Daran Hill discusses the St David’s Day Pact with praise for the quick turn around and a solid, if uninspiring result.
Wales reached another important milestone in its devolution journey today as details of the cross-party talks, led by the Welsh Secretary of State for Wales, Stephen Crabb, were published. Putting aside the fact that the outcome of the St David’s Day Pact is being made public to coincide with the start of the Welsh Conservative and Welsh Liberal Democrat conferences – hardly the most non-partisan time to announce – Crabb should nevertheless be praised for delivering a package so quickly and with so much consensus.
The Silk and Richard Commissions may have produced consensus amongst commissioners and the Cardiff Bay Bubble, but that consensus ended there. What Crabb has led is a consensus between political parties, and that is in stark contrast to the way in which devolution settlements have been developed for Wales in the past.
However, as with any party political consensus, it has been drawn at the lowest common denominator. In order to reach a consensus in the cross-party talks, all parties had a veto during discussions, a power that one would easily imagine that the Conservatives and Labour used to oppose the devolution of certain areas to Cardiff Bay. That’s why we don’t see policing and criminal justice as part of the package.
In terms of the things that are to be devolved regardless, it is therefore a solid but uninspiring list – energy production up to 350MW, significant changes to the “jagged edge” of transport responsibilities, and the Assembly will finally have control of its own election processes. Perhaps it is this sparsity which makes it so apt this is being done on St David’s Day. After all, our patron saint did commend the people “Gwnewch y pethau bychain”, which translates as “Do the small things.”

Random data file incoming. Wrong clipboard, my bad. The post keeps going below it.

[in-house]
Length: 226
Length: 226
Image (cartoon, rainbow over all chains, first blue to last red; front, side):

Naturally, both Plaid and the Lib Dems would have liked it to have gone further in different ways. But imaging this package would have brought an extra £1.2bn to Wales is the way that Plaid was demanding was simply tilting at windmills.
It is important to keep a sense of perspective. The St David’s Pact package is all about what is there, not what is not. It is better to look at it as a cup half full because, beyond the purely functional aspects of additional devolution responsibilities, are some much bigger commitments. The removal of the Secretary of State for Wales from the Assembly’s processes is a long overdue action and will probably help strengthen the case for the post’s abolition in a few months time. There is also a pledge to give the Assembly the powers to rename itself in the future, perhaps as a Parliament, perhaps as a Senate, perhaps as the Praesidium of the Supreme Soviet. But the key thing is that the power of self designation is being conferred.
Further, the Assembly will get powers to expand its numbers following an alleged “consensus” around the need for such a move. Whether that consensus is bigger than the Bay Bubble remains a moot point. Anyone fancy taking that one to a referendum? Because, of course, a referendum is promised in this deal around moving income tax powers to Wales too. Don’t expect that one too early either. Despite the pressure being exerted by the Conservatives, everyone else knows that one can’t be won on the doorstep any time soon.
In conclusion, it was an ambitious objective by the Secretary of State for Wales to try and settle the devolution question. What the package does is not so much draw a line in the sand but to define where the debates of the next five years will be. They won’t be over devolving additional powers like policing and criminal justice. The debates of the next five years will be around if and when a tax powers referendum is held, what the Assembly should name itself, and how many toga clad senators might sit there in future.
Listen to Daran’s reaction to the announcement below: